climbing-irons love

Definitions

from The Century Dictionary.

  • Iron frames to which spikes are affixed, which are fastened to the feet or to the legs below the knee, and used in climbing trees, telegraph-poles, etc. Also called climbers and creepers.

Etymologies

Sorry, no etymologies found.

Examples

  • Kearton explains their technique for those folks who are dying to try it out in their backyard: ...my brother puts on a pair of climbing-irons, and ascends with his camera slung upon his back...

    Archive 2007-11-01

  • Kearton explains their technique for those folks who are dying to try it out in their backyard: ...my brother puts on a pair of climbing-irons, and ascends with his camera slung upon his back...

    How to be a better wildlife photographer

  • Over the door were a row of hat-pegs, and on each side bookcases with cupboards at the bottom, shelves and cupboards being filled indiscriminately with school-books, a cup or two, a mouse-trap and candlesticks, leather straps, a fustian bag, and some curious-looking articles which puzzled Tom not a little, until his friend explained that they were climbing-irons, and showed their use.

    Tom Brown's Schooldays

  • After dinner the Madman is busy with the preparations for their expedition, fitting new straps on to his climbing-irons, filling large pill-boxes with cotton-wool, and sharpening East's small axe.

    Tom Brown's Schooldays

  • Martin did not deign to reply to this sally, except by a grunt, as he buckled the last buckle of his climbing-irons, and Arthur looked reproachfully at East without speaking.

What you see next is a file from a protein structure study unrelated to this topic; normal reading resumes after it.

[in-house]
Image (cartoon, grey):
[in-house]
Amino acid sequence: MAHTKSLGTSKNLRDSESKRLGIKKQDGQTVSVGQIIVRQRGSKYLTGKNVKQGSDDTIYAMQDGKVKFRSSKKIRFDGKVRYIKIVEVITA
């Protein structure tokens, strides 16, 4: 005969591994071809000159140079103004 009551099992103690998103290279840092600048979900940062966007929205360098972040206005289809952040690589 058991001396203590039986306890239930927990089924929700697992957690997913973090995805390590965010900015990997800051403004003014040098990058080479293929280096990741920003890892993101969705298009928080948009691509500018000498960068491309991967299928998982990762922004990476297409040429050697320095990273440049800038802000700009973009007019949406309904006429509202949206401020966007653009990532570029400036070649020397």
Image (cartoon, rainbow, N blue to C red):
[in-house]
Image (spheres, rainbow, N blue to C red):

Tom Brown's Schooldays

  • He has taken the leadership already, and strides away in front with his climbing-irons strapped under one arm, his pecking-bag under the other, and his pockets and hat full of pill-boxes, cotton-wool, and other etceteras.

    Tom Brown's Schooldays

  • He saw that Martin and Tom were busy with the climbing-irons, and couldn't resist the temptation of hoaxing.

    Tom Brown's Schooldays

  • By means of climbing-irons and a rope that passed around the tree and around my body, I slowly ascended, nailing cleats for support as I advanced.

    The Bird Study Book

  • He was buckling climbing-irons on to his legs while he spoke, and with the aid of these he rapidly mounted the elm tree to where the boughs forked, put his hand into a hollow, and drew out a wooden box, which he brought down with him.

    Monitress Merle

  • May, so that, dog-tired in every limb, I had much ado to drag myself to bed up the garret stairs after Mrs. Trapp had rubbed my ankles with goose-fat where the climbing-irons galled them.

    The Adventures of Harry Revel

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